Editor’s note: This article originally appeared in the January 26 edition of the Financial Post.
Canadians know what needs to be done to make us all better off a decade from now.
Canada has made some smart moves over the past decade and that is why the Canadian economy remained relatively strong through a punishing global recession. But our country is immune neither to the relentless evolution of global competition nor to the march of population aging, and we need to move quickly to address unfinished business in honing Canada’s competitive edge in the decade ahead.
In our 2001 book Northern Edge, we made the case that Canada had all the right ingredients to flourish in the global economy. What was needed was a better recipe for success and a winning attitude where second best is not an option. We proposed a strategy with 12 elements that together could move our country to the global forefront of growth and prosperity. These included accelerated debt reduction; bold tax reform; smarter public spending; improvements to our educational system and talent pool; emphasis on lifelong learning; more efficient governance; more adept engagement in North American and global trade and investment; and better leveraging of our energy and environmental advantages.
On a couple of fronts, notably public debt and tax reform, Canada has made major progress. The string of federal budget surpluses that began in the late 1990s extended all the way until the recession. Tax rates, especially on corporate income and capital, dropped steadily through the decade at both the federal and provincial levels and regardless of the party in power.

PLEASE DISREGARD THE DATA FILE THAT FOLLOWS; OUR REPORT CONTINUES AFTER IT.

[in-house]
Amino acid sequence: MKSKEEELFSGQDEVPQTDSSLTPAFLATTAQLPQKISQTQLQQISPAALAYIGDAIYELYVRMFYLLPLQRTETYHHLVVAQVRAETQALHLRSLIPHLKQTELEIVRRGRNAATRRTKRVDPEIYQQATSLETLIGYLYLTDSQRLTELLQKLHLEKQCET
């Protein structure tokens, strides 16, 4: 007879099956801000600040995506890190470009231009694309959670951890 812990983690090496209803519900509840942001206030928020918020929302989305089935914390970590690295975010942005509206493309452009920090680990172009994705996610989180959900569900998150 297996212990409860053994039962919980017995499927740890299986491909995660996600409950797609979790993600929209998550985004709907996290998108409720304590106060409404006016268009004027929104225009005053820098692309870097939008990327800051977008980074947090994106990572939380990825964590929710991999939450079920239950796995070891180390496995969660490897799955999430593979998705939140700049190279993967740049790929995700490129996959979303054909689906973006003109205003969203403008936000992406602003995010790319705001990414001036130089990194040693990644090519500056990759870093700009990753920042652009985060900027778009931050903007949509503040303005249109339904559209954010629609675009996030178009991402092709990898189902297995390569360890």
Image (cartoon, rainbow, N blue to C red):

It is no coincidence that Canada not only achieved the lowest debt/GDP ratio in the G7 both before and after the recession, but that we also had the highest per capita income growth in the decade to 2009 and that we have seen employment quickly recover and surpass its pre-recession high.
That’s the good news. But while debt and taxes are down, public spending has ballooned. Despite lip service to review and reallocation, six years of minority government have led to a relentless rise in federal spending. And at the provincial level, unsustainable health care costs are eating up an ever greater share of revenue, with willingness to explore innovation and efficiencies undermined by the 10-year deal boosting federal transfers at about triple the rate of inflation.
In many of the other elements of national strategy that we laid out, there has been some progress, but at a pace well short of what the country needs to achieve its full potential.
Perhaps the most troubling marker of failure is the country’s continuing poor performance in raising productivity, the effective measure of how much money each Canadian can generate for each hour of work. As the population ages and leaves relatively fewer Canadians in the labour force, it is obvious that each worker has to generate much higher income if the economy as a whole is to keep growing.